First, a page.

Photo of Christian II of Denmark

10. Christian II of Denmark (1481 - 1559)

With an HPI of 71.91, Christian II of Denmark is the 10th most famous Danish Politician.  His biography has been translated into 50 different languages.

Christian II (1 July 1481 – 25 January 1559) was a Scandinavian monarch under the Kalmar Union who reigned as King of Denmark and Norway, from 1513 until 1523, and Sweden from 1520 until 1521. From 1513 to 1523, he was concurrently Duke of Schleswig and Holstein in joint rule with his uncle Frederick. As king, Christian tried to maintain the Kalmar Union between the Scandinavian countries which brought him to war with Sweden, lasting between 1518 and 1523. Though he captured the country in 1520, the subsequent slaughter of leading Swedish nobility, churchmen, and others, known as the Stockholm Bloodbath, caused the Swedes to rise against his rule. He was deposed in a rebellion led by the nobleman and later king of Sweden Gustav Vasa. He attempted to bring in a radical reform of the Danish state in 1521–22, which would have strengthened the rights of commoners at the expense of the nobles and clergy. The nobility rose against him in 1523, and he was exiled to the Netherlands, ceding the Danish throne to his uncle Frederick. After attempting to reclaim the thrones in 1531, he was arrested and held in captivity for the rest of his life, first in Sønderborg Castle and later at Kalundborg Castle. Supporters tried to restore him to power both during his exile and his imprisonment but they were defeated decisively during the Count's Feud in 1536. Christian died at Kalundborg in 1559. Christian married Isabella of Austria, granddaughter of Maximilian I, Holy Roman Emperor, in 1515. Isabella died in 1526, after which her family took Christian's three children from him. His relationship with his mistress, Dyveke Sigbritsdatter, pre-dated his marriage and continued until her death in 1517. Christian's persecution of her supposed murderer contributed to his political isolation and downfall. Dyveke's mother, Sigbrit Willoms, became an influential councillor and followed Christian into exile.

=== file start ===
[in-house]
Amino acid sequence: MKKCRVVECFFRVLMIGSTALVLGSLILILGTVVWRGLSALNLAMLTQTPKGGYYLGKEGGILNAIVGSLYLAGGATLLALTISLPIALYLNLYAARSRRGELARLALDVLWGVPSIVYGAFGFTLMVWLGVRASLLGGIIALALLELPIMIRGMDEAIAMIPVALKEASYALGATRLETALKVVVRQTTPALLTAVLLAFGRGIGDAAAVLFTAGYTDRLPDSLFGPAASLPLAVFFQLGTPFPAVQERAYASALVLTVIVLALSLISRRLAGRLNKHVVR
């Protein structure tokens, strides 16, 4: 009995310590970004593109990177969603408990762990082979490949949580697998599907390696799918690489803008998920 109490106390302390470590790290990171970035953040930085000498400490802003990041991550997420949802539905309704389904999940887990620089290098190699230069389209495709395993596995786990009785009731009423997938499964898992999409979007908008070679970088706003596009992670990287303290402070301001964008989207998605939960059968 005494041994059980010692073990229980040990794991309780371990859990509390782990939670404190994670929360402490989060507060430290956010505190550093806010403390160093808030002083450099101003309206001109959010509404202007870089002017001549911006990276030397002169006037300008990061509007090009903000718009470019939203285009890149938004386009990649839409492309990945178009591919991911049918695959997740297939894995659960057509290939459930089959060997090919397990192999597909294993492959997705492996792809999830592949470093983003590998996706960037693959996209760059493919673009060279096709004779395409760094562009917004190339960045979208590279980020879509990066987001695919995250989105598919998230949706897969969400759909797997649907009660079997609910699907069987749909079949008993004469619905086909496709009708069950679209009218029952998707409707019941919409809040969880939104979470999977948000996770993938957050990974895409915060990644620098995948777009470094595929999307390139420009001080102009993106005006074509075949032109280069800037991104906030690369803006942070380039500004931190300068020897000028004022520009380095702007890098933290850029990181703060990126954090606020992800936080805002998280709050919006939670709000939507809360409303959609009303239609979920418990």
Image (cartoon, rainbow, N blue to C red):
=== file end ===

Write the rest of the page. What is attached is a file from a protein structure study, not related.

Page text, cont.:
Pantheon has 173 people classified as politicians born between 800 and 1995. Of these 173, 36 (20.81%) of them are still alive today. The most famous living politicians include Anders Fogh Rasmussen, Princess Benedikte of Denmark, and Poul Nyrup Rasmussen. The most famous deceased politicians include Ivar the Boneless, Björn Ironside, and Cnut the Great. As of April 2022, 25 new politicians have been added to Pantheon including Erik Axelsson Tott, Valdemar the Young, and August Philipp, Duke of Schleswig-Holstein-Sonderburg-Beck.

Living Politicians

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Deceased Politicians

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Newly Added Politicians (2022)

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Which Politicians were alive at the same time? This visualization shows the lifespans of the 25 most globally memorable Politicians since 1700.